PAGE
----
Sheldon Beise

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Sheldon Beise
Playing career
1931–1932 Wisconsin
1933–1935 Minnesota
Position(s) Fullback
Accomplishments and honors
All-American (1935)

Sheldon Beise (c. 1912 - April 1, 1960) was an American football player and coach.


Beise was a native of Mound, Minnesota, where he was an all-around athlete, winning varsity letters in basketball, track, baseball and football at Mound High School.[1] Beise began his collegiate career at the University of Wisconsin during the 1931-1932 academic year. After one year, he transferred to the University of Minnesota.[2] Beise played at the fullback position for the Minnesota Golden Gophers football teams from 1933–1935 and was selected as a first-team All-American in 1935 by the North American Newspaper Alliance (chosen by Andy Kerr of Colgate, Dan McGugin of Vanderbilt, James Phelan of Washington, and Gus Dorais of Detroit)[3] and the Central Press Association (based on a poll of college football captains taken).[4] He was also named as a second-team All-American by the Associated Press, United Press, Newspaper Editors Association and New York Sun. Beise played on Bernie Bierman's national championship teams of 1934 and 1935 and never played in a losing game for Minnesota.[5] Beise was considered "a powerful plunger and one of the most effective blockers in the Bernie Bierman era of single wing football."[5] He has been described as a "battering ram fullback," and one contemporary account notes that Minnesota's winning streak in the 1934-1935 seasons was "due in no small measure to Biese's powerful drive."[6] In addition to the All-American honors in 1935, Beise was an All-Big 10 Conference fullback for three consecutive years. He was also selected to play in the East-West Shrine game in San Frandsco after the 1935 season.[2] Beise also participated in baseball, basketball and track at the University of Minnesota.[2]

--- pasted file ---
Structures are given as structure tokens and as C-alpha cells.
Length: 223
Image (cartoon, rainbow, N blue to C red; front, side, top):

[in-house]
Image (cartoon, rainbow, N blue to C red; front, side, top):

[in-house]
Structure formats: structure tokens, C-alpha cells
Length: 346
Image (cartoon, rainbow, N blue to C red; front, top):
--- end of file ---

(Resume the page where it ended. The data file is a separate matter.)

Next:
After graduating, Beise served as a backfieid coach and physical education instructor at the University of Minnesota. He also coached football at Holy Cross University.[5] After retiring from football, Beise worked in the insurance business.[2] He was insurance superintendent for the Western Life Insurance Co., an affiliate of St. Paul Fire and Marine.[5]

Beise was killed in an automobile accident in 1960. Beise was driving on Minnesota's Highway 7 when his car left the highway ten miles west of Minneapolis and hit a tree.[1] He was alone in the car and suffered a fractured skull. He reportedly fell asleep at the wheel while driving to his home in rural Excelsior, Minnesota.[2] Upon learning of Beise's death, Bierman told reporters, "This comes as a great shock to me. Shelly was a great football player, a real personal friend and a grand fellow in every way."[5] Beise was survived by wife and two children, Barbara and Grant.[5]

Beise was posthumously inducted into the University of Minnesota's "M" Club Hall of Fame in 2006.[7]

See also[edit]


  1. ^ a b "Sheldon Beise Killed, Funeral To Be Monday". Daily Plainsman (MN). 1960-04-03. 
  2. ^ a b c d e "Beise, Former Gopher Great, Dies in Crash". Wisconsin State Journal. 1960-04-02. 
  3. ^ "Four Coast Stars on All-America Elevens: Kerr, McGugin, Phelan and Dorais Select 1935 All-Star Teams; Moscrip, Grayson Named". Los Angeles Times. 1935-12-01. 
  4. ^ Bill Braucher (1935-12-08). "SOUTH LEADS OTHER SECTIONS - ALL AMERICA: 54 Captains Select Central Press All-American Teams". Kingsport Times.  (In announcing its All-American team, the Central Press noted: "The sixth annual Central Press Captains' All-American football team is presented today. It represents the selections of 54 gridiron leaders from important schools in every part of the country. Every major conference had a voice in the voting, and captains of important teams not identified with conferences—such as Army and Navy—expressed their preferences in the nationwide poll which has grown tremendously in popularity since its introduction in 1930.")
  5. ^ a b c d e f "Beise's Death Shocks Former Coach Bierman". Daily Journal (MN). 1960-04-01. 
  6. ^ Charles Dunkley (1935-11-26). "Five Gophers Put on Big Ten All-Star Eleven". Titusville Herald. 
  7. ^ "Twelve Former Gophers to be Inducted into "M" Club Hall of Fame". 2006-06-08.